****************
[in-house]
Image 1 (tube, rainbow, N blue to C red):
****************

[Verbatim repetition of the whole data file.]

[in-house]
Image 1 (tube, rainbow, N blue to C red):